Dell: Private Parts

After 30 years or so Michael Dell is taking his baby private again. Good for him.

Why on earth wouldn't he? Who, in their right mind, would suffer the stupidity and often indignity of being endlessly questioned for your every move - by a 28 year old who has never had a real job let alone run a real company?

Why would anyone want to be perpetually Monday morning quarterbacked?

Why would anyone other than the truly perverse welcome an uncomfortable rectal exam daily?

No one would - unless the pain, suffering, and foolishness was tolerated for a bigger "good" - namely, money.

The stock market avails entrepreneurs and private money people the opportunity to "exit" - to cash out on their hard work and brilliance (the entrepreneurs, that is - normally the money guys are simply lucky sperm), but that comes along with selling your corporate soul to the devil.

Once you take public money you are no longer beholden to your own values, your products, your customers, or your employees. First and foremost, you are beholden to your stockholders. Stockholders care about one thing - return on their investment. Everything else is superfluous noise.

Thus, when the quest for returns outweighs the "long term" strategic objectives of the business (long term = 91 days +), the business ceases to operate as a platform for "good" (for said entrepreneur, employees, customers, etc.) and instead operates to spit as much money as is possible into the hands of those who control the stock. While this is not necessarily evil, it tends to be that way.

Don't feel bad for the company that goes public - they know exactly what they are doing - and why.

In the case of Dell, there no longer is any value in dealing with Wall St. for Mr. Dell, et. al. He/they already have all the money they could ever want, so why bother to suffer fools if they don't have to? Now he/they can operate the business with a long term strategy - focus on products, customers, and employees instead of the 28 year old controlling a billion bucks of stock without ever having a real job, and try to get something done.

In transformative markets, being public can DESTROY a company. It forces you to focus on the wrong things - and often leads to death. The times have changed - and so too must Dell in order to remain relevant.

Old Mr. Dell (a year younger than me, the bastard) must have woken up six months ago and finally figured out that he didn't need to deal with this crap anymore. He could put a pile of his own money in (because really, how much does anyone need? After a billion or two it really becomes a nuisance!) and now work for himself - doing what he/they think best for the real stakeholders of the business - the employees and the customers.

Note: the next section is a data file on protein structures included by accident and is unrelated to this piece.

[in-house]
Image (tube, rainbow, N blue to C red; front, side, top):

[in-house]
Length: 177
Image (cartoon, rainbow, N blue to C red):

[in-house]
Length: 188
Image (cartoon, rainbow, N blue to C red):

There probably is something to the fact that his name is on the building, every product, and is itself a cultural icon, but frankly I'm not sure I read too much into that. The guy is a work animal and always has been. I don't see it changing. It's just now he can do things for his own reasons - not someone else's. Will he get it wrong? Possibly, but at least he'll do it on his terms, for his motivations -which aren't tarnished with having to make money for others any longer.

I for one, will enjoy watching. It's like Tom Brady still playing. You may love him or hate him, but he continues to play and compete at the very highest level for himself alone, not you or I. What does he have left to accomplish? He married Giselle, makes more money than god, is irritatingly good looking, and is a genuinely nice guy. It would be much easier for him to simply head off into the sunset. Same goes for Michael. He is young, rich, has a great family and life - and has little or nothing to gain personally - but still wants to play.

You don't pull guys like that off the field until they decide it's time. Michael just assured himself that he will make that decision - not some punk ass 28 year old. Good for him.

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